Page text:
- After a critical bug in the code of the Bitcoin Lightning Network was discovered at the end of June, the details of the bug became public yesterday.
- The attackers were able to open a payment channel with a “fake” transaction and then steal the Bitcoin from their peers.
At the end of August, the Australian Bitcoin developer Rusty Russell discovered a vulnerability within the Bitcoin Lightning network and drew attention to it. He warned the Bitcoin community that the bug in the Lightning Network could lead to a loss of Bitcoin (BTC). Accordingly, Russell urged all node operators to update their software versions.
Yesterday further details about the bug became public, how the vulnerability could be exploited by a hacker. In a statement, Russell described in detail how the hackers managed to exploit the bug and steal BTC.
To open a payment channel within the Lightning network, an opening transaction is required to activate the payment channel. The Lightning Node, which accepts a channel, must therefore first verify that the first transaction for the proposed channel was actually made. Otherwise, an attacker can claim to open a channel, but either not pay the peer or not pay the full amount.
After creating the payment channel, the honest users sent BTC to the attacker without knowing that the previous transaction was fake. The victims did not notice the scam until they closed the channel because the closing transactions were invalid. However, it remains unclear how many users were victims of such attacks.
It was also made public that different Lightning clients were affected in different ways. While C-Lightning could exploit the bug very easily, Ind and Eclair needed special circumstances to exploit the bug. On the positive side, however, the bug in each client was fixed very quickly. After the bug was discovered on June 27th and the developers were notified, Ind released a patch on July 2nd, Eclair on July 3rd and C-Lightning on July 4th.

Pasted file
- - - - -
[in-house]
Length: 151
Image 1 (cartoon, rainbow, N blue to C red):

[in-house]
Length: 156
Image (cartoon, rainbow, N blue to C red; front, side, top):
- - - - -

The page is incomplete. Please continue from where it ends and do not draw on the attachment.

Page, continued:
Understanding the issue: How does the Lightning Network work?
The Lightning Network is a layer-2-payment protocol that enables lightning fast and almost free transactions on the Bitcoin blockchain. To use it, users must open so-called “payment channels” in order to send and receive Bitcoin. The transactions are processed “off-chain”. This means that not every single transaction has to be verified by the miner and therefore not written into the Bitcoin blockchain.
For this to work, a multi-signature wallet must be installed by the users. Before a payment channel can be opened, the wallet addresses of the users are stored in the Bitcoin blockchain, including a balance of how much Bitcoin belongs to each user within that payment channel.
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Once the payment channel has been opened, all users of the payment channel can make an unlimited number of transactions. Each transaction only needs to be signed and confirmed by both parties. An updated balance is then compiled of how much Bitcoin belongs to each individual wallet. The updated balance will only be uploaded to the BTC blockchain when both parties close the payment channel.
Due to this architecture, the attackers were able to open a “fake” channel as a result of the bug and then obtain BTC payments by fraud.